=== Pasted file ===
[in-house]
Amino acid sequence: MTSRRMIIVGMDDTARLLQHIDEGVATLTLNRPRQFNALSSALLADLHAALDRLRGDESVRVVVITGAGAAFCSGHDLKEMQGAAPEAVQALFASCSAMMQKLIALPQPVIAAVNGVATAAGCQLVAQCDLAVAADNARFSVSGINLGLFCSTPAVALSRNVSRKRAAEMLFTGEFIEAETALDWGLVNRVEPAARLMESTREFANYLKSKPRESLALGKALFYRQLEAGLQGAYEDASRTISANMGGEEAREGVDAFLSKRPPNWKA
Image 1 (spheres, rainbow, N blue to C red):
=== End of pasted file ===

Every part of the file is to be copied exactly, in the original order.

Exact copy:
[in-house]
Amino acid sequence: MTSRRMIIVGMDDTARLLQHIDEGVATLTLNRPRQFNALSSALLADLHAALDRLRGDESVRVVVITGAGAAFCSGHDLKEMQGAAPEAVQALFASCSAMMQKLIALPQPVIAAVNGVATAAGCQLVAQCDLAVAADNARFSVSGINLGLFCSTPAVALSRNVSRKRAAEMLFTGEFIEAETALDWGLVNRVEPAARLMESTREFANYLKSKPRESLALGKALFYRQLEAGLQGAYEDASRTISANMGGEEAREGVDAFLSKRPPNWKA
Image 1 (spheres, rainbow, N blue to C red):